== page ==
Your child must also understand that just because someone else triumphs – a win at a soccer game, say, or a better grade on a test – it doesn’t mean he should have an angry, jealous, or bitter reaction. Life isn’t a finite experience, and there isn’t a cap for anyone on victories, big or small. As long as your child knows to try his hardest, do his best, and make every move with integrity, success isn’t far away – even if it doesn’t always feel that way.
Small Changes Can Make a Big Difference
It’s easy to tell yourself that you don’t need to do things like cut out plastic straws or recycle soda cans because those kinds of actions are so small that they don’t matter. But small changes do add up to a big difference in the end, and your kids need to see that principle demonstrated.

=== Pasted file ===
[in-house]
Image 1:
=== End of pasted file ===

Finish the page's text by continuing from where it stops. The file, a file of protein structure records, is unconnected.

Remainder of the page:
Take, for example, a year-long process to cut costs and inspire greener living in your apartment. One simple step, like buying an insulating jacket for your water heater in January, won’t make much of a noticeable difference – but when you combine it with stoppers to block drafts in your windows in February, opting out of junk mail in March, switching to nontoxic cleaning products in April, and planting a container garden in May, your sustained hard work will become quite evident.
While the apartment scenario may not resonate with a child who’s still far from independent living, consider presenting your argument with spare change. Ask your child to save 25 cents every day for one week. At the end, she’ll only have $1.75, which likely doesn’t carry that much weight. However, if she keeps up that habit for a year, she’ll have $91.25 – and that’s nothing to sneeze at.